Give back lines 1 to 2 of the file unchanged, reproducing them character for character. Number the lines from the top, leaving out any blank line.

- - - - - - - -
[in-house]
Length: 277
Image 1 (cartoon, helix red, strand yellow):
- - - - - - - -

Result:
[in-house]
Length: 277